There are many misconceptions of me, that I have learned to live with. Many have come about from people taking in my general appearance. Others are generated by my general aura. Others still, are the spawn of various stereotypes and my bemoaning my love of coffee and Mariah Carey at various intervals of the day. But one of the biggest misconceptions that I have come to find niggling at my back brain, is the heavy misconception that I am artistic. Not autistic, although at times I can be perceived as such, and as I like to highlight, there is a fine line between the two, but ARTISTIC (Dear God, I’m an insensitive wench, aren’t I?).

At one stage of my simple life, I would of loved to be seen as Artistic. Tortured, even, in a spat of self-hatred and wallowing, inconceivable self-instigated “No One Understands Me”. But no, not today. And why is this? Because, in all honesty, I am not artistic. When I was four, I was thought of to be a maestro at using a Biro. Yes, a simple Bic Biro could have me filling the air with intoxicating fumes, while I scribbled proportionality askew figures in old pages of a relinquished diary. At an age where the use of a Biro was close to sinful – apparently, we weren’t allowed to use Biro in our written work at school until grade five – I was joyfully scratching out images of Sailor Moon and her world-saving crew – admittedly with wonky eyes and fat thighs, but passable images, all the same.

By the time I hit Grade One, I was belting out stitch work of platypus(es?) so illustrious, my teacher cried. Well, that crying may of been the result of me accidentally stitching half of my work to my sweater, but all the same, I took the emotional response as a hail to my creativity, as opposed to a wail at my stupidity. I was six, okay. Anything is possible when you’re six. From Grades 2 to 6, I became an artistic maestro, churning out works so awe inspiring, I won prizes in the form of new-fangled Faber Castell Watercolor Pencil sets and charcoal sticks – suffice to say, my mother no longer had to make harrowing trips to the shops to pick up art supplies for those years.

In Grade 7, I showed my other tartan clad classmates (I went to a “Scottish” school. Yes, I know. We wore Christmas Tartan all year round.) who was the most supreme by being given The Keys To The Art Supply Cupboard. I commandeered my post with almost scary superiority and was allowed to cruise in and out of the PVC-scented room at will – surrounded by chipboard cut offs and a teetering pile of crepe paper, I was in my Zone. To say I was a bit of a Supply Nazi would be a horrible understatement, if a child needed scissors, I would glare at them from behind my gold-rimmed glasses, burn them with an ice-cold stare, treat them to a manic grin and demand that they list off their reasons as to why they would be required. In 85% of cases, my fellow 12 year-old counterparts would be so put-off by my intimidating attitude, they would resort of taking their teeth to various “needed to be cut” surfaces like nervous beavers, throwing mortified looks in my direction.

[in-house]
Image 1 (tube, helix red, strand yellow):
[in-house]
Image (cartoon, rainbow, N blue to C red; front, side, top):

This mad cycle of events culminated in me being presented two awards in Grade 7: Artistic Achievement and Best All-Round Achiever. The second, I maintain was not by choice, but that even the teachers feared my presence, and had selected me out of unbridled terror: I was loud, I was menacing, I had laugh that could turn stone in rubble, and even though not the sharpest knife in the drawer, I had an unbridled tendency to WANT TO BE an overachiever – a quality that was fueled by both parental disappointment and a maddeningly over-intelligent older sister.

In high school this all changed, being artistic was Not Approved Of nor was it Tolerated in my family. Art was “For fun, not for living off”, and thus, I was committed to applying myself lethargically to subjects such as Biology (of which I was average at) and Chemistry (of which I was shocking at) and Physics (of which I failed so badly, I switched to Economics, of which I ironically became subject captain of). And so, today, I stand as a Medical Scientist, a profession I maintain, that I love but at the same time, tolerate as a Day Job and not as a Passion. Maybe one day, I’ll be able to follow my passion, to be artistic, to be able to express myself – perhaps not in song-and-dance, but maybe something a little less embarrassing.

AS A SIDE-WAYS THOUGHT: Here are some lovely Brisbanites who I have found to be ridiculously over-skilled in the artistic arena. This is one of the reasons why I love Etsy so – apart from it’s massive range of various wares from all over the world, it also has a fantastic Shop Local function, allowing seasoned stalkers interested persons, such as myself, to stalk find great local artists and support their work (buy buying big, and making myself feel superior). SO HEY, check these out!

I always say: “When I get my own place I will totally…” and when I say this sentence, I mean “I will totally get me some of these tea towels”. I mean seriously, check these out! Radcicles! I could never get away with purchasing them for my home now, as my dear mother would freak out – SKULLS IN THE KITCHEN!?!?! But yes, skills in the kitchen. Freakin’-A+-Awesome.